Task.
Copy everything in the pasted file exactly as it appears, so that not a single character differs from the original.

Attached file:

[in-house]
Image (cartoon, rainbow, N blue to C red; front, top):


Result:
[in-house]
Image (cartoon, rainbow, N blue to C red; front, top):